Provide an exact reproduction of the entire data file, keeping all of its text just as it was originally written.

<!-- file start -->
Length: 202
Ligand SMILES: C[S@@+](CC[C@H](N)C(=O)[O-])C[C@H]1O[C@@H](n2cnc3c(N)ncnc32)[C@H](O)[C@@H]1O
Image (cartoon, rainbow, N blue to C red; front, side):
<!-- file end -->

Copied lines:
Length: 202
Ligand SMILES: C[S@@+](CC[C@H](N)C(=O)[O-])C[C@H]1O[C@@H](n2cnc3c(N)ncnc32)[C@H](O)[C@@H]1O
Image (cartoon, rainbow, N blue to C red; front, side):